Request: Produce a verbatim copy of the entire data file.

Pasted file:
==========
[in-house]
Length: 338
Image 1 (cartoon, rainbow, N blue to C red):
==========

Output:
[in-house]
Length: 338
Image 1 (cartoon, rainbow, N blue to C red):